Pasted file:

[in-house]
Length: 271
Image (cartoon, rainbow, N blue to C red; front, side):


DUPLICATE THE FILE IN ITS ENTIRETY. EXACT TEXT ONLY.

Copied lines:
[in-house]
Length: 271
Image (cartoon, rainbow, N blue to C red; front, side):